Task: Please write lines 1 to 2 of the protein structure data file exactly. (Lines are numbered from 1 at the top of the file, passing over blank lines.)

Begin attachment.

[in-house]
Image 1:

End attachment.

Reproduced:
[in-house]
Image 1: